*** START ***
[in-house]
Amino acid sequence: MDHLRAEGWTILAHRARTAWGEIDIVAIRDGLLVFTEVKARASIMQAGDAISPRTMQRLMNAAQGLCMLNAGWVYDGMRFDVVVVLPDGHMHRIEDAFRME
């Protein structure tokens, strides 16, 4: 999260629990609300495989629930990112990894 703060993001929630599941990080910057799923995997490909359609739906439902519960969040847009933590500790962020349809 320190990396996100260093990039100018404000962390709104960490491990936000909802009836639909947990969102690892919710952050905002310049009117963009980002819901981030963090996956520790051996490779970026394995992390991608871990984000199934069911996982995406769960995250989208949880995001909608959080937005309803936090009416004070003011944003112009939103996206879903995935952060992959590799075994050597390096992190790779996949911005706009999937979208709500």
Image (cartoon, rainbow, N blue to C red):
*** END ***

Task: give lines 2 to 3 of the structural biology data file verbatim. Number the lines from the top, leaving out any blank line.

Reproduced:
Amino acid sequence: MDHLRAEGWTILAHRARTAWGEIDIVAIRDGLLVFTEVKARASIMQAGDAISPRTMQRLMNAAQGLCMLNAGWVYDGMRFDVVVVLPDGHMHRIEDAFRME
């Protein structure tokens, strides 16, 4: 999260629990609300495989629930990112990894 703060993001929630599941990080910057799923995997490909359609739906439902519960969040847009933590500790962020349809 320190990396996100260093990039100018404000962390709104960490491990936000909802009836639909947990969102690892919710952050905002310049009117963009980002819901981030963090996956520790051996490779970026394995992390991608871990984000199934069911996982995406769960995250989208949880995001909608959080937005309803936090009416004070003011944003112009939103996206879903995935952060992959590799075994050597390096992190790779996949911005706009999937979208709500």